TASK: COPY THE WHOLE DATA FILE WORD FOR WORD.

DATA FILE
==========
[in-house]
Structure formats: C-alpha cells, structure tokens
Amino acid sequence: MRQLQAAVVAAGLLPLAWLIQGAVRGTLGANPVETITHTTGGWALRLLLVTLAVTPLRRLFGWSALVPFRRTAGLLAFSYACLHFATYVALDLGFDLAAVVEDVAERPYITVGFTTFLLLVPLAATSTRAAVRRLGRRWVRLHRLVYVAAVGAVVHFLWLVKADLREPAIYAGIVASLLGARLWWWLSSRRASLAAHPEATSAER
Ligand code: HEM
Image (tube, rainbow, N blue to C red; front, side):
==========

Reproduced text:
[in-house]
Structure formats: C-alpha cells, structure tokens
Amino acid sequence: MRQLQAAVVAAGLLPLAWLIQGAVRGTLGANPVETITHTTGGWALRLLLVTLAVTPLRRLFGWSALVPFRRTAGLLAFSYACLHFATYVALDLGFDLAAVVEDVAERPYITVGFTTFLLLVPLAATSTRAAVRRLGRRWVRLHRLVYVAAVGAVVHFLWLVKADLREPAIYAGIVASLLGARLWWWLSSRRASLAAHPEATSAER
Ligand code: HEM
Image (tube, rainbow, N blue to C red; front, side):